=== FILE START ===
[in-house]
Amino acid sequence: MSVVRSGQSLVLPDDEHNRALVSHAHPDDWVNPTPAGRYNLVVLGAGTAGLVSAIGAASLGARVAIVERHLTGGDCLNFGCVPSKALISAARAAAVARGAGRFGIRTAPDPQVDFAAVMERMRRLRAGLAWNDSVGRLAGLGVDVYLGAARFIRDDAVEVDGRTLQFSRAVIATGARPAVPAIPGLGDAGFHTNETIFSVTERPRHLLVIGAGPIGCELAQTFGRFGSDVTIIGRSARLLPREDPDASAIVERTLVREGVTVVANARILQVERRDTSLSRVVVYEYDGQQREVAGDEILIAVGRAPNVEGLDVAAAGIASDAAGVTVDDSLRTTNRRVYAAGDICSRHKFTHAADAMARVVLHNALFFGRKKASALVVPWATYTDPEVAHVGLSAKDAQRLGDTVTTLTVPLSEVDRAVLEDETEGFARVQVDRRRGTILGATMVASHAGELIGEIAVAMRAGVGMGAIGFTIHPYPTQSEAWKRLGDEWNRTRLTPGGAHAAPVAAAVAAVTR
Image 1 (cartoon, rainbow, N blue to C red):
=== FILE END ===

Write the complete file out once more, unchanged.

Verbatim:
[in-house]
Amino acid sequence: MSVVRSGQSLVLPDDEHNRALVSHAHPDDWVNPTPAGRYNLVVLGAGTAGLVSAIGAASLGARVAIVERHLTGGDCLNFGCVPSKALISAARAAAVARGAGRFGIRTAPDPQVDFAAVMERMRRLRAGLAWNDSVGRLAGLGVDVYLGAARFIRDDAVEVDGRTLQFSRAVIATGARPAVPAIPGLGDAGFHTNETIFSVTERPRHLLVIGAGPIGCELAQTFGRFGSDVTIIGRSARLLPREDPDASAIVERTLVREGVTVVANARILQVERRDTSLSRVVVYEYDGQQREVAGDEILIAVGRAPNVEGLDVAAAGIASDAAGVTVDDSLRTTNRRVYAAGDICSRHKFTHAADAMARVVLHNALFFGRKKASALVVPWATYTDPEVAHVGLSAKDAQRLGDTVTTLTVPLSEVDRAVLEDETEGFARVQVDRRRGTILGATMVASHAGELIGEIAVAMRAGVGMGAIGFTIHPYPTQSEAWKRLGDEWNRTRLTPGGAHAAPVAAAVAAVTR
Image 1 (cartoon, rainbow, N blue to C red):